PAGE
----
BOB BARNETT: They become recognizable, they become controversial, they become the subject of attention. Nothing they can do about being well known from the work they do in their day job, from writing books, from appearing as talking heads, or whatever. But the best of them try to maintain a sense of dispassionate objectivity. Some do it better than others.
BOB GARFIELD: So, that’s one way for a journalist to tap into the Washington, DC economy. Another way is to simply switch sides. And ‘twas ever thus. Twenty years ago, Wall Street Journal reporter Jeffrey Birnbaum, author of The Lobbyists, was on CSPAN talking about the people trade public service for private opportunity.
JEFFREY BIRNBAUM: It’s played out hundreds of times over the years - people who came to Washington to work on the Hill and to try to do good, and they ended up in many ways doing well
BOB GARFIELD: And by well, he means [CASH REGISTER SOUND]. Birnbaum understands the almightiness of the dollar. In another book, The Money Men: The Real Story of Fund-Raising's Influence on Political Power in America, he framed the problem most succinctly. Quote: We all know vaguely that something is wrong in Washington, especially with its money culture. Thing is, Birnbaum is no longer at the Wall Street Journal. He’s at BGR Group, which describes itself as a “powerhouse” in lobbying, public relations and investment banking. Yes, like many Washington reporters, the man who spent a career explaining the influence-peddling trade has traded up.
JEFFREY BIRNBAUM: I moved from being a journalist to being an advocate. Which I am quite happily. And it’s my job to help clients in the way that they would like to be helped to help them advocate their positions.
BOB GARFIELD: Does your role as an advocate for clientele sometimes force you into position that would have made you extremely queasy as a journalist because you have personal or political issues with the client?
JEFFREY BIRNBAUM: It’s my job to advocate positions and I don’t take on clients whose positions as you say make me queasy.
BOB GARFIELD: For the record, last year BGR’s clientele included insurance, gambling and defense, plus the Republic of Kazakhstan, ruled iron-fistedly by president for life Nursaltan Nazarbayev. That made me wonder aloud about Birnbaum’s threshold of queasiness.
BOB GARFIELD: Have I walked into the dark side?
JEFFREY BIRNBAUM: No, you haven't.
BOB GARFIELD: Why haven't I?
JEFFREY BIRNBAUM: You're going to have to- hold on one second.
BOB GARFIELD: He’s gestured for me to turn off my tape recorder, and so I did whereupon he explained that Kazakhstan is no longer a client, but, anyway, even though it has never had a free and fair election, it is “evolving” and also so loaded with oil, uranium and other resources that even the Obama Administration sucks up to it. Then, back on went the recorder.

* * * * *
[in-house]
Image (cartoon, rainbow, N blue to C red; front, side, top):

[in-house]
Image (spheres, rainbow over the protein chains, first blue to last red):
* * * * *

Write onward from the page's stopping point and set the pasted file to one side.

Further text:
JEFFREY BIRNBAUM: I think that it’s a misunderstanding of what people do in Washington. To the extent that a journalist for example is a fair broker of conveying information, and you consider that a public good, then it is a public good. But people have very different views about what is a public good.
BOB GARFIELD: Evidently. But also different views about what just smells funny. And so I wanted to hear just one more voice, to understand how all these blurred lines appear - not just to the public, which already loathes both politicians and the press - but to the actual bad guys, the scavengers who themselves feed on the carrion of lost altruism. If you are a jackal, what do you think when the watchdog starts sniffing your hind quarters?
JACK ABRAMOFF: If you are cozy and comfortable with a media star, a media commentator, a media celebrity, it’s likely the case that they are just not as effective as a journalist.
BOB GARFIELD: Ladies and gentlemen, convicted felon, ex-jailbird and born-again ethicist, Mr. Jack Abramoff.
JACK ABRAMOFF: Out of social obligation and out of filial approach to their new friends and their cocktail party buddies, they are likely to forgo the kind of hard journalistic approach that others will take. Not with everybody, but certainly with their buddies. This is the way things have evolved. You know, this is a business.
BOB GARFIELD: As we spoke, we were days away from an event where precisely such fraternization would take place, in black tie no less. The White House Correspondents Dinner. What message, I asked him, does that send?
JACK ABRAMOFF: Well if I were a journalist and I wanted to be taken seriously as a journalist and somebody who had the public’s trust in mind, I think it highly unlikely that I would ever don a tuxedo in Washington DC.